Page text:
Thomason and his long-time buddy, Joey Luparello, invited me along to explore some of the in-between lakes and bays to see what we might bump into, and after a twist-and-turn run from his camp through the marsh, we pulled up to a series of marshy islands the guide wanted to try in Lake of Two Trees.

“There are a lot of islands out here with good points and coves, and any of them could hold fish,” Thomason said. “Naturally I like to fish places where I’ve caught fish before, but just fishing spots can make for an unproductive trip because conditions change. If the wind is different — maybe blowing harder or from a different direction — that makes a difference. Or if the tide is different — maybe a different range — falling harder or less or rising instead of falling, or the barometric pressure, or the temperature — any number of factors can change everything from one day to the next, and that is especially true in May, which I still consider something of a transition month. It’s the end of the transition, but it’s still not summer.

“So you have to fish conditions, and you have to fish opportunistically. That means (to) look for certain telltale signs to show you where the best chances are to catch something.”

Thomason said he looks for the same things every angler seeks: clean water, moving water, current lines and signs of bait in the water.

“And birds,” he said. “Don’t forget to look for birds this month. They will show you right where the shrimp are, and where the bait is, the trout are.

“But I particularly look for what I call ‘choke points’ around these islands, where the tide or the wind is pushing water through a pass or cut or opening. A place where the water flow is more restricted or concentrated and that forces bait through that opening: That is a choke point, and trout and reds and even flounder will lay in ambush right there waiting for the bait to come to them. That’s primarily what I’m looking for, and wherever I find that I’ll fish it. Look for a current line where the flow is coming out or a current line around a point. Fish that.”

Thomason said he catches nice trout in those areas — 16 to 18 inches long, not like the schoolies you normally catch under the birds this time of year.

“But what most people overlook when they see birds diving is those birds mean shrimp is in the area,” Thomason said. “I see a lot of boats just look at the birds and pass them up because they know the trout under them are small; and if they’re out in the middle of open water I often pass them up also.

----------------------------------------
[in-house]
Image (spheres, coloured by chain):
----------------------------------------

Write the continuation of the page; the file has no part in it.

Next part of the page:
“But if the birds are diving and there is land nearby, I don’t fish the birds, I fish the land. Small school trout are likely under the birds, but you can bet some bigger trout are lurking nearby, usually right along that nearby island or point. Sneak in quietly and fish there.”

Thomason had cut the outboard and crept up to a nice point with some current moving around it, using the trolling motor to make a silent approach.

“Cast up close to the point,” he said, indicating a grassy outcropping at the tip of the marsh island. “You don’t even have to be right on the point: You can cast behind it where the current is moving,.

Within seconds, Thomason had a hookup. A big fish made a short run and pulled enough line out to make the drag sing.

“Redfish,” we all said in unison.

And a nice red it was, the first of many for the day.

Soon both Luparello and I had redfish on, with the Gulp! shrimp in that new penny color proving its value by attracting one redfish after another at the points and coves along the broken islands.

Whenever the action died, Thomason moved us along to another likely spot, either by trolling there or —when the distance was farther — by cranking up his Honda outboard.

“I was hoping we’d catch a bunch of trout out here, but the redfish are swarming everywhere,” Thomason said.

After stocking up the ice chest with redfish he decided to leave the islands and head to the long rocks to see if any trout were at home.